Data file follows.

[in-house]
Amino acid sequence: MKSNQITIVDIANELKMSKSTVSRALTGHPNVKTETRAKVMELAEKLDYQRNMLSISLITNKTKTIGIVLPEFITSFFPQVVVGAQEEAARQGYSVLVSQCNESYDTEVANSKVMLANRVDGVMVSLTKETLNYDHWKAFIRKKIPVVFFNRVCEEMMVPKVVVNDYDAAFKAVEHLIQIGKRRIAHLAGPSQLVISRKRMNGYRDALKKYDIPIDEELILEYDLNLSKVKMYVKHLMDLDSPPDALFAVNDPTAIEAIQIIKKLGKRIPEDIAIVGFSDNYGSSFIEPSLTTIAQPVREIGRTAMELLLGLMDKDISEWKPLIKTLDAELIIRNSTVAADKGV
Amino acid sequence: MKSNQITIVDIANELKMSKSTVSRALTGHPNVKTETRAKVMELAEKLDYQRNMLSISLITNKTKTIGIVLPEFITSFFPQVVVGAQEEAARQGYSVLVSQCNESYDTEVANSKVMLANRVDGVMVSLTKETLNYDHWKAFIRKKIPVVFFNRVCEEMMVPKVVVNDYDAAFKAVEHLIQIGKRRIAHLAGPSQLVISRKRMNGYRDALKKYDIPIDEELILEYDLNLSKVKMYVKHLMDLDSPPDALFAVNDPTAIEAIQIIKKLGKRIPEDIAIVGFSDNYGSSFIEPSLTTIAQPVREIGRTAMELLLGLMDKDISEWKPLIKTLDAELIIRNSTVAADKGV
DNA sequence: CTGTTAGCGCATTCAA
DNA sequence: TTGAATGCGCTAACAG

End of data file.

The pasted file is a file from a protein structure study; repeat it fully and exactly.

[in-house]
Amino acid sequence: MKSNQITIVDIANELKMSKSTVSRALTGHPNVKTETRAKVMELAEKLDYQRNMLSISLITNKTKTIGIVLPEFITSFFPQVVVGAQEEAARQGYSVLVSQCNESYDTEVANSKVMLANRVDGVMVSLTKETLNYDHWKAFIRKKIPVVFFNRVCEEMMVPKVVVNDYDAAFKAVEHLIQIGKRRIAHLAGPSQLVISRKRMNGYRDALKKYDIPIDEELILEYDLNLSKVKMYVKHLMDLDSPPDALFAVNDPTAIEAIQIIKKLGKRIPEDIAIVGFSDNYGSSFIEPSLTTIAQPVREIGRTAMELLLGLMDKDISEWKPLIKTLDAELIIRNSTVAADKGV
Amino acid sequence: MKSNQITIVDIANELKMSKSTVSRALTGHPNVKTETRAKVMELAEKLDYQRNMLSISLITNKTKTIGIVLPEFITSFFPQVVVGAQEEAARQGYSVLVSQCNESYDTEVANSKVMLANRVDGVMVSLTKETLNYDHWKAFIRKKIPVVFFNRVCEEMMVPKVVVNDYDAAFKAVEHLIQIGKRRIAHLAGPSQLVISRKRMNGYRDALKKYDIPIDEELILEYDLNLSKVKMYVKHLMDLDSPPDALFAVNDPTAIEAIQIIKKLGKRIPEDIAIVGFSDNYGSSFIEPSLTTIAQPVREIGRTAMELLLGLMDKDISEWKPLIKTLDAELIIRNSTVAADKGV
DNA sequence: CTGTTAGCGCATTCAA
DNA sequence: TTGAATGCGCTAACAG